- 340-pound maulers. What's the alternative for these guys? Most of them will never sniff the NFL but it's a shame to take away their shot at it for an irrelevancy. Even if their education is remedial, that's likely better than they'd have otherwise.
- Normies. A few extra kids in big lectures dragging the curve down doesn't negatively affect the rest of the student body except in the smallest and most incremental way, and even that is offset by the contribution a healthy athletic department makes to the overall life of a collegiate campus.
- The University Ideal. Athletes' altered admissions standards don't necessarily compromise the university's academic purity. There already exist certain segments of the student population for whom the ability to put together a five-page essay or solve a differential equation is irrelevant: music and art students are admitted primarily on their talents in their field of choice, not arbitrary standards for performance on a standardized test. Essentially vocational programs already exist: a journalism major's classes are of secondary importance to his work on the school paper; an art student's GPA is secondary to his portfolio.
Besides, the idea of a cloistered, ivy-covered thing where you learn all about like Kant and Hegel and Thoreau in intimate seminars went away a long time ago in favor of enormous diploma mills. Large state universities -- where virtually every sporting program big enough to be corrupt lives -- are more expensive vocational schools these days for the vast majority of students. (Private schools, being private, can do whatever the eff they please.)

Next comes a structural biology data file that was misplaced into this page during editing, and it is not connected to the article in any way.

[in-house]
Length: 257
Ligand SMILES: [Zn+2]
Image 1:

Where the ethical dodginess comes in is when the 340-pound mauler's education is less remedial and more nonexistent. The latest Sports Illustrated has an article on Greg Oden that details his courseload: a five-credit Sociology 101 course, a five-credit History of Rock And Roll course, and two credits for being a basketball player. It's hard to work up any outrage about next year's top pick in the NBA draft getting shorted in his education, but how many players with far more uncertain futures are getting educations in avoiding education at schools around the country?* The general feeling is lots.
This is because the system has a disconnect. It rewards teams for keeping players eligible, not for educating them. It encourages Harrick-like "how many points for a three-pointer?" classes, academic... er... tutors, and History of Greg Oden majors because the only people judging how educated our mauler is have a deep conflict of interest. The scary idea is not how many kids flunk out but how many "graduate."
It is an article of faith around these parts that the SEC is the worst offender in this department. Anecdotes filter up: former running back Max Martin got in the doghouse because he didn't go to class. When someone in the department asked him why, he replied that he didn't know he had to, since all of his buddies down south didn't. (Later, Martin transferred to Alabama; the coaches at the time reportedly asked if he had been arrested for any felonies, then hung up, thorough background check completed. He lasted a semester.) Varsity athletes in non-revenue sports relate similar tales on recruiting trips. Anecdotes prove nothing, though, proving nothing, and schools all over the place have issues. (Clem Haskins at Minnesota sticks out.)
All we have right now are some numbers that take a look from 10,000 feet up that reveal something indistinct. Even if we drilled further down into these numbers, they would only tell us the lesser half of the story, and the questions about "what about the guys who remain eligible?" would remain unanswered.